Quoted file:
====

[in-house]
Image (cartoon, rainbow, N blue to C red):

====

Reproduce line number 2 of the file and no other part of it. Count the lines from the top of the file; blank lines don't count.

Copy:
Image (cartoon, rainbow, N blue to C red):